Saturday, December 24, 2005

Thoughts on Iraqi Parliamentary vote controversy

In-depth links and commentary (here and here) on the vote controversy at the fine blog, the Belmont Club.

Here's a comment I left on Fayrouz from Dallas' blog:

Let me throw this idea out for people who know better than I do . . .

Chaos and conflict aren't in and of themselves deal-breakers in a
democratic state. At best, our system is a constant balancing act that seeks to
protect the state, society, the majority, minorities and individuals. Chaos and
conflict are built into the system. They key is to channel and control it within
that balancing act.

Is it possible that a good long-term outcome of this event is the political
coalescence of hitherto non-allied minority parties into a unified Iraqi
plurality that can balance the dominant religious Shia coalition? After all,
there's a practical reason why we have 2 dominant political parties, despite
their struggles to represent wide slates of interests. Our nation began with
many political parties that were weeded out in Darwinian fashion.

I don't see how the majority Shia can be denied their share of the pie
anymore than the white majority can be denied in the US, more so given Iraq's
history. I think the key is to figure out how that reality can be balanced with
protection of individuals and minorities, the state, etc.

In that, I can see the Iraqi people at a stark crossroads. As an American,
it's fair to accuse me of looking at democratic nation-building through a
rose-colored prism, but years/decades/centuries of evolutionary struggle is in
our political history, too. I don't know enough to say yet that Iraq is doomed.
So, can this episode lead to maturation away from idealistic political naivete
and towards pragmatic deal-making that will create a balance of power and
ultimately save the future of Iraq as a viable democratic state?

The problem I see with my optimistic Barnett-esque projection is outside influences. Our outside influence on Iraq is motivated by a unified Iraqi state that protects minorities as well as the majority. An assumption I make is that the Iraqis must ultimately work together. But what if they don't? What if extreme Shia, the Sadrists, would rather dominate Iraq old-school than choose cooperative liberal democracy, and can be influenced and helped by Iran. What if the Sunnis continue to fall back on their Baathist allies outside of Iraq? What if the Kurds look increasingly to their own state? Wretchard at Belmont Club sums up the debate between Daniel Pipes and Reuel Marc Gerecht of the American Enterprise Institute (both noted OIF supporters) on this issue:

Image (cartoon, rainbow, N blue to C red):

Gerecht argued that the process was foremost, and if democracy meant that the side you didn't like occasionally won, well it was a feature, not a bug. Pipes retorted that it was insane to let radical Islamists play in a game they wanted, above all to abolish; against "democratic elections in which the result could be 'one person, one vote, one time.'" Of course, both Pipes and Gerecht might as well have been debating the problem of bringing democracy to Iraq, where election in a Shi'a majority country could be expected to produce a Shi'a dominated result.
The trick in a new democracy isn't the first election, it's the second and the third . . . in other words, a peaceful transition of power that reinforces the state and its precepts. Right now, Iraq is at a crossroads where the US has much less power to influence the decision they make. In our mission to implant a third choice in the Middle East, I fear that the terrorists, an impotent global community and an overly sensitive American leadersip have succeeded in undermining that option. But maybe the process will be intact and the system is set up so cooperation is a must. But maybe . . . it's a nervous thing to be on the edge of history - we'll see.

Update: Read what neo neocon has to say about the vote controversy.

- Eric

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